Aside from these tips, you should ensure your emails are consistently of a high quality. The more people that click and interact with your mailers, the less likely they’ll get flagged by spam filters.

Concluding Words

Hopefully we’ve opened your eyes to the potential of email. It’s easy to assume it will go the way of the fax machine – a redundant technology in the age of social media and instant messaging. On the contrary, email is firmly embedded in digital culture. Much like real-life mail, consumers appreciate the direct nature of email. No creepy ads following you around the internet and no social media algorithms guessing what you want to see. Let’s not forget that checking your inbox is insanely addictive.

Email isn’t going anywhere, but your email marketing strategy should be. Give your messaging some character, use personalisation and beat the spam filter.

Is This the Future of Twitter?

The home of the 280-character tweet wants to pivot into something greater. We take a look at the developments that could shake up how we communicate on Twitter.

Communities

This first new development essentially encapsulates where Twitter sees the future of its platform. Communities, both in a figurative and literal sense, will play a big part in their future plans.

Firstly, Twitter announced their new Communities feature during an Investors briefing. Not much has been revealed so far. Clearly the platform wants to present itself as an alternative to Facebook Groups. Earlier images suggest it operates in a similar fashion:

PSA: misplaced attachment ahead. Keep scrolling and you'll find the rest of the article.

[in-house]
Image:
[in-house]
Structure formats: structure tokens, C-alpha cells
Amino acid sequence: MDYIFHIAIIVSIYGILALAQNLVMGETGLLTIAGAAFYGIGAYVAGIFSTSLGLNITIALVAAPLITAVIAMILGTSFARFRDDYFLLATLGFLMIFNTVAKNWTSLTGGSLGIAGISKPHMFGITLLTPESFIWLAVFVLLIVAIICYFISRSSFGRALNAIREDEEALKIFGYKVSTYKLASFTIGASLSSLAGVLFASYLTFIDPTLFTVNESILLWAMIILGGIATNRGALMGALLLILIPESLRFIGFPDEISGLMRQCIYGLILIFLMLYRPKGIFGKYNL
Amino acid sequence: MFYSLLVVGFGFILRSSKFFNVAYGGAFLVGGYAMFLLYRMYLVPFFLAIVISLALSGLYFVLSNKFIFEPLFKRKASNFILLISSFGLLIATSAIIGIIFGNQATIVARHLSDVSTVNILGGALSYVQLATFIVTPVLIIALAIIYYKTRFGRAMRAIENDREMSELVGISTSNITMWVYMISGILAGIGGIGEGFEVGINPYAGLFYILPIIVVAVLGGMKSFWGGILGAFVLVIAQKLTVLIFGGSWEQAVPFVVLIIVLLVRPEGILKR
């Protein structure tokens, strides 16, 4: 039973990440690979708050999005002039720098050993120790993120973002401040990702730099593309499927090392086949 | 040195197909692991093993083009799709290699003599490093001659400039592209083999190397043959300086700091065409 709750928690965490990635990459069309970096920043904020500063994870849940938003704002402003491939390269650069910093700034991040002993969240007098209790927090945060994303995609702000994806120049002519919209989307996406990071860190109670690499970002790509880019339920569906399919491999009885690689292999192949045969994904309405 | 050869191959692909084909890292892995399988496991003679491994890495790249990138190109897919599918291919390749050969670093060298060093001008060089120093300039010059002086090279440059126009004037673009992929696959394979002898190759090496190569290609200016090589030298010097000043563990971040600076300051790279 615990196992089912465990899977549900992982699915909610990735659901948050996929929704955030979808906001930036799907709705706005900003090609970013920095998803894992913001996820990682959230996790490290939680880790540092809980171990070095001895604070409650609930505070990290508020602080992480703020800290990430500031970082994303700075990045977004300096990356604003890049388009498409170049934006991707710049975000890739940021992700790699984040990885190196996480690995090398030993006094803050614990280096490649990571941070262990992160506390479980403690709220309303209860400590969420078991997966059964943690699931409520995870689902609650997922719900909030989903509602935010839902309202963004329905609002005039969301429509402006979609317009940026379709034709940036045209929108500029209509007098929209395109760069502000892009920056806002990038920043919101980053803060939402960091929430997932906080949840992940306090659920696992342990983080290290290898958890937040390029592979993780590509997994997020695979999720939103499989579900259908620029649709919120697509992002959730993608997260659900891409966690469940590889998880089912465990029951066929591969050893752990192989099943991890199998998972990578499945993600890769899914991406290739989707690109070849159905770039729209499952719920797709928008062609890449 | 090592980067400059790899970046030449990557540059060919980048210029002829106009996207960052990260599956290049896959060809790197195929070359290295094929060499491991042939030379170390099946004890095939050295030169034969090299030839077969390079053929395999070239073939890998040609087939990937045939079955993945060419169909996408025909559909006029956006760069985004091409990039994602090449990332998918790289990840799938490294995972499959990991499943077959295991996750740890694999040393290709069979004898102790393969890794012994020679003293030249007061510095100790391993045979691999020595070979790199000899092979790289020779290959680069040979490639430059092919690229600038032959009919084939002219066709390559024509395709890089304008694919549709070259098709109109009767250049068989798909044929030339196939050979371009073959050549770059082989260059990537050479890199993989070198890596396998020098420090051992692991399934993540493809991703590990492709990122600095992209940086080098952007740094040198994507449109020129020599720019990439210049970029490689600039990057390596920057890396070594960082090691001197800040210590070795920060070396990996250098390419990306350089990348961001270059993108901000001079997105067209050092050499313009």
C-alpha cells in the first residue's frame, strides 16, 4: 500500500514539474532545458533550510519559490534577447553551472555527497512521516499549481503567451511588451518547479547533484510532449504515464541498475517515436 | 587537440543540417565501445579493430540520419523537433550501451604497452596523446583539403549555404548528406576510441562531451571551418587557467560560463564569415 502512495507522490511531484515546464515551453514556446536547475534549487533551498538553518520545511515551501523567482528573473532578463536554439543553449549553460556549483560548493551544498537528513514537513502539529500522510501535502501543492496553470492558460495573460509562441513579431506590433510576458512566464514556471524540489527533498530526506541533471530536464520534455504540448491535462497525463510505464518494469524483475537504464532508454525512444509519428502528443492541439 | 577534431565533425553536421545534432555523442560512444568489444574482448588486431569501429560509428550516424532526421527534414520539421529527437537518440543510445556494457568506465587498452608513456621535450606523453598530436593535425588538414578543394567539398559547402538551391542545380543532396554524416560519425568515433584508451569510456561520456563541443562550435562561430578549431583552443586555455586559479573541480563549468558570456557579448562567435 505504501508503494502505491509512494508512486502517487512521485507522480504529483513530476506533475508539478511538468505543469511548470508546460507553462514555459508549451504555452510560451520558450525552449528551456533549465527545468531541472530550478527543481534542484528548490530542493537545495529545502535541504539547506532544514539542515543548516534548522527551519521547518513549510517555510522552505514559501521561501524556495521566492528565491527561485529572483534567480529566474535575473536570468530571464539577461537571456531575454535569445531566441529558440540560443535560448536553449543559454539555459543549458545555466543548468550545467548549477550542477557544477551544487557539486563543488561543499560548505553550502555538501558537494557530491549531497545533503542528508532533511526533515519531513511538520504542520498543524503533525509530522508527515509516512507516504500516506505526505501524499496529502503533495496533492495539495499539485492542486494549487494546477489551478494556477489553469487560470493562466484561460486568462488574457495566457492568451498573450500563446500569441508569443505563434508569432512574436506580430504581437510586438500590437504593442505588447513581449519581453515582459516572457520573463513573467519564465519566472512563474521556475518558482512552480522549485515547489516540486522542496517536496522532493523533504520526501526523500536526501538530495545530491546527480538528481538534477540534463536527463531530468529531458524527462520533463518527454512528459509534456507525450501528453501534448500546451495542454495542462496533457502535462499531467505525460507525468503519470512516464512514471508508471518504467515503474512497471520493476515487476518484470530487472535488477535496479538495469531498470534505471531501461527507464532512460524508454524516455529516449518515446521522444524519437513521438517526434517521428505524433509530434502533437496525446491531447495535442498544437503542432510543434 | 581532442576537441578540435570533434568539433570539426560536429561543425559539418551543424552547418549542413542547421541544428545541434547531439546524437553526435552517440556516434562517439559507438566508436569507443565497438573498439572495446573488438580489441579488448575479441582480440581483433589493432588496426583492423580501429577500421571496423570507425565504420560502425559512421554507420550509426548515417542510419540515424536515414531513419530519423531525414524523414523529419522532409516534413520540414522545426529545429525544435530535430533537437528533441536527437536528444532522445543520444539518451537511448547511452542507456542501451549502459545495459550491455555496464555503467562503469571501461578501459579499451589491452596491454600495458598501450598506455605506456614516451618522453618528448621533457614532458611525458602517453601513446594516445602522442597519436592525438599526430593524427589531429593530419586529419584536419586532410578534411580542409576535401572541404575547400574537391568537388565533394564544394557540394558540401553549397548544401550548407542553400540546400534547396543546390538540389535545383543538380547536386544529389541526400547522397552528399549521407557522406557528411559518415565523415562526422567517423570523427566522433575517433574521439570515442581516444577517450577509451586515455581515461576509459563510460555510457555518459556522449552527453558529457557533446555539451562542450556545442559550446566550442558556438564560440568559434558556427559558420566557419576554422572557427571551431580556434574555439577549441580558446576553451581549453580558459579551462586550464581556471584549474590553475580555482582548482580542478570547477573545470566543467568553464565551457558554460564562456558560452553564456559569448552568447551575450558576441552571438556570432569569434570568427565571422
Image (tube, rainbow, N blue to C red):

‘Twitter Communities’ isn’t exactly an innovative idea that will completely transform the social media landscape, but it’s a clear indicator as to where Twitter is heading. It no longer wants to be the platform of throwaway comments and controversy. They’re steadily encouraging users to form deeper, more personal relationships with their followers. No doubt in anticipation for Twitter’s new monetisation plan, which we’ll look at now.

Super Follows

Users will soon be able to charge their followers for access to exclusive content in a feature dubbed ‘Super Follows’. Details are sparse, but it’s expected that this ‘exclusive content’ will mainly consist of premium tweets. But Twitter has been busy making key acquisitions and developments behind the scenes to ensure users won’t be just paying for 280-character messages.

In February, Twitter acquired start-up company Revue a platform that allows email newsletters to be published in different formats. Expect to see similar long-form content being offered as an incentive to ‘Super Follow’ a creator.

Twitter’s stakeholders have been pressing the platform to expand its monetisation capabilities for a number of years. Competing firms such as Facebook and YouTube have multiple, diverse incomes streams. Twitter is solely reliant on its ads service and usage pales in comparison to Facebook.

Similar subscription-based platforms are performing exceptionally well. The likes of Patreon and OnlyFans have become household names, for the right and wrong reasons. Twitter are clearly hoping to capitalise on their popularity with the introduction of Super Follows and their renewed focus on community.

The big question is: will users be willing to pay for premium content on Twitter? If this snap survey by Social Chain is anything to go by, then it doesn’t bode well: